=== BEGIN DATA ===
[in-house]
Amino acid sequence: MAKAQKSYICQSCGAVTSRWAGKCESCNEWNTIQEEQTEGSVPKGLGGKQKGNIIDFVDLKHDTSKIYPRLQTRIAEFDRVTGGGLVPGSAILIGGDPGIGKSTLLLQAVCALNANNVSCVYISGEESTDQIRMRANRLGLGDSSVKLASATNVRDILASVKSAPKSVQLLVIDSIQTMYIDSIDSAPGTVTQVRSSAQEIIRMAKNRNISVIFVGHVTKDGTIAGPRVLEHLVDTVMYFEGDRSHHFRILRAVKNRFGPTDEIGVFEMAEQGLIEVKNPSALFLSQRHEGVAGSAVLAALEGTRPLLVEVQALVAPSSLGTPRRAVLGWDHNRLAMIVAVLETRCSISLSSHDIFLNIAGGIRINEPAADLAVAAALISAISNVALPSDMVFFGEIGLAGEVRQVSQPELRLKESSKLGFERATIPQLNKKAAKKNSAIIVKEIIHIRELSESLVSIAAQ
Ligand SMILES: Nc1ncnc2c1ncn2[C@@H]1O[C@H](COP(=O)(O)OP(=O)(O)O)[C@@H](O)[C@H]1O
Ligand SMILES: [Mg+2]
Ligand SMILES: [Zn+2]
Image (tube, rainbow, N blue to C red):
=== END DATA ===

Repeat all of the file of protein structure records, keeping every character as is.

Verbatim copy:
[in-house]
Amino acid sequence: MAKAQKSYICQSCGAVTSRWAGKCESCNEWNTIQEEQTEGSVPKGLGGKQKGNIIDFVDLKHDTSKIYPRLQTRIAEFDRVTGGGLVPGSAILIGGDPGIGKSTLLLQAVCALNANNVSCVYISGEESTDQIRMRANRLGLGDSSVKLASATNVRDILASVKSAPKSVQLLVIDSIQTMYIDSIDSAPGTVTQVRSSAQEIIRMAKNRNISVIFVGHVTKDGTIAGPRVLEHLVDTVMYFEGDRSHHFRILRAVKNRFGPTDEIGVFEMAEQGLIEVKNPSALFLSQRHEGVAGSAVLAALEGTRPLLVEVQALVAPSSLGTPRRAVLGWDHNRLAMIVAVLETRCSISLSSHDIFLNIAGGIRINEPAADLAVAAALISAISNVALPSDMVFFGEIGLAGEVRQVSQPELRLKESSKLGFERATIPQLNKKAAKKNSAIIVKEIIHIRELSESLVSIAAQ
Ligand SMILES: Nc1ncnc2c1ncn2[C@@H]1O[C@H](COP(=O)(O)OP(=O)(O)O)[C@@H](O)[C@H]1O
Ligand SMILES: [Mg+2]
Ligand SMILES: [Zn+2]
Image (tube, rainbow, N blue to C red):